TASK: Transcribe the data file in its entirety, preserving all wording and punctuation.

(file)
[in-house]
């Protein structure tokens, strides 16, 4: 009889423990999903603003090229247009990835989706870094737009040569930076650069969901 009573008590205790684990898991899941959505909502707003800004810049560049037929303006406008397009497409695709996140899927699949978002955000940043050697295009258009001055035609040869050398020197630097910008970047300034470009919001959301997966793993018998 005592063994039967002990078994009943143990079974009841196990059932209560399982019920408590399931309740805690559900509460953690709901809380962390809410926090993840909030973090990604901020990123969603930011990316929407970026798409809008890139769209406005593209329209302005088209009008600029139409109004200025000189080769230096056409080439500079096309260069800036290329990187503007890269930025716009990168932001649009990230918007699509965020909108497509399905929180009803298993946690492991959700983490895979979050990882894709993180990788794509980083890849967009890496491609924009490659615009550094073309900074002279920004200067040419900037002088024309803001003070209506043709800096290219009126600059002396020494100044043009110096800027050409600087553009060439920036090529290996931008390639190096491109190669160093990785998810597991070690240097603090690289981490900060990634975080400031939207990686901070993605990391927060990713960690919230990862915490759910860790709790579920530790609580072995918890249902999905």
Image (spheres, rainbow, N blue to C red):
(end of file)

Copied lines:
[in-house]
């Protein structure tokens, strides 16, 4: 009889423990999903603003090229247009990835989706870094737009040569930076650069969901 009573008590205790684990898991899941959505909502707003800004810049560049037929303006406008397009497409695709996140899927699949978002955000940043050697295009258009001055035609040869050398020197630097910008970047300034470009919001959301997966793993018998 005592063994039967002990078994009943143990079974009841196990059932209560399982019920408590399931309740805690559900509460953690709901809380962390809410926090993840909030973090990604901020990123969603930011990316929407970026798409809008890139769209406005593209329209302005088209009008600029139409109004200025000189080769230096056409080439500079096309260069800036290329990187503007890269930025716009990168932001649009990230918007699509965020909108497509399905929180009803298993946690492991959700983490895979979050990882894709993180990788794509980083890849967009890496491609924009490659615009550094073309900074002279920004200067040419900037002088024309803001003070209506043709800096290219009126600059002396020494100044043009110096800027050409600087553009060439920036090529290996931008390639190096491109190669160093990785998810597991070690240097603090690289981490900060990634975080400031939207990686901070993605990391927060990713960690919230990862915490759910860790709790579920530790609580072995918890249902999905």
Image (spheres, rainbow, N blue to C red):